Sustainability Science Program

Using New Technology to Increase Transparency and Improve Environmental Regulation

Overview

Using New Technology to Increase Transparency and Improve Environmental Regulation

Michael Greenstone, Rohini Pande, Nicholas Ryan, and Anant Sudarshan

The flagship program of the India Initiative is an evaluation of a pilot Emissions Trading System (ETS) for particulate matter, a byproduct of the combustion of solid and liquid fossil fuels. While the primary goal of this program is to protect public health, it also bears directly on industrial energy consumption. By measuring and regulating particulate matter emissions, this program will affect the energy use of regulated industrial plants. In particular, conserving energy, improving combustion and switching fuel type or source are likely low-cost means of abating particulate matter emissions.

The research design of this project will introduce emissions trading systems for suspended particulate matter (SPM) in the three leading Indian industrial states, covering several of the most polluted industrial areas in the country. The implementation of the design will come in several stages. Researchers are working with the regulators, the Ministry of Environment & Forests and State Pollution Control Boards, to define eligibility criteria for emissions trading based on location, sector, and ex ante emissions capacity data. The research team will fix eligibility criteria in this group and randomly allocate firms into trading and non-trading subgroups. The non-trading sources will be placed on fixed standards for the total mass of SPM emitted and subject to traditional command-and-control regulation. The trading sources will be allowed to trade permits, denominated in SPM mass, among themselves in order to meet their regulatory obligation. The research team will collect emissions data from continuous emissions monitoring systems, and cost and engineering data from field surveys, at each unit in both groups over the first two years of the new regulation.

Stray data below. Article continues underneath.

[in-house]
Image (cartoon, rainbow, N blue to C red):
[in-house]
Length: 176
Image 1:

The project has made a great deal of progress in designing a viable trading system. The project team has worked with the State Pollution Control Boards and the Central Pollution Control Board to develop detailed technical standards for Continuous Emissions Monitoring Systems (CEMS), which are essential for monitoring pollution emissions at each plant. These systems are now being field-tested. Initial results show that particulate matter CEMS accurately match the pollution readings produced by traditional manual sampling methods. This result is important in establishing the reliability of the monitoring on which the emissions market will depend. The State Pollution Control Boards and the research team have also selected the group of plants to which the regulation will apply. The research team recently submitted a formal Detailed Project Report (DPR) to the Ministry of Environment and Forests for the approval of the project design and budget over the coming three years, potentially allowing the team to leverage the investment that SSP has made in this early-stage research into a viable emissions trading system.

This project will represent the first application of continuous emissions monitoring to regulation of particulate matter emissions in developing-country contexts and the first application to relatively small-scale industry anywhere in the world. Furthermore, the information release treatment will be the first publicly available data on plant-level pollution in India. The project will run until the middle of 2014. A baseline survey, which will require three months for completion, began in August 2013. Thereafter, industry will be mandated to phase in installation of CEMS. Evaluation will be concurrent and industries will come online as they install equipment. Early results of the CEMS evaluation are expected to become available by the end 2013. The successful implementation of a CEMS is the first stage of enabling a viable ETS.